Now that I think about it, I find something odd about that response. I have music going on in my head all the time, but it is not a soundtrack. It does not telegraph to me what I should be feeling about any of the non-musical things I experience. If anything the music in my head is repetitive and incomplete, and seems to have a life of its own.

My young friend didn't make the "soundtrack" idea up. It apparently originated with Dick Clark, who also gave us "I don't make culture. I sell it," and "I don't set trends. I just find out what they are and exploit them." There you have it.

What is music, then?

Damned if I know. I'm also not really sure where it is. I used to know a whole lot about music, but the more I learn the more baffled I become. I am always in awe when it moves me, because I have no idea why it does.

[I'm slowly making my way through the Bach Well-tempered Clavier this summer, one Prelude and Fugue at a time. Today it was the absolutely astounding E-flat set from the first book, and tomorrow's fare has six flats. Listening to someone else play them is fine, but getting into the water and trying to--figuratively, of course--swim to the other side of the pool without drowning is another story.]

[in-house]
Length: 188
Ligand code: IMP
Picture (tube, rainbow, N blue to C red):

Thursday, July 31, 2014

Don't try this at home!

In the early 1930s Nicolas Slonimsky stayed at home to take care of his baby daughter Electra while his wife, Dorothy Adlow, was writing art columns for the Christian Science Monitor. Mr. Slonimsky would speak Latin to his daughter at home. To ask for milk he taught her "Da mini lac," and he taught her the Latin names of the items in their household. He sang her to sleep with songs in Latin, and when it came to teaching her music, she learned the Latin names of the pitches as well as the modes. When she entered school she announced to her father that other kids didn't speak Latin at home.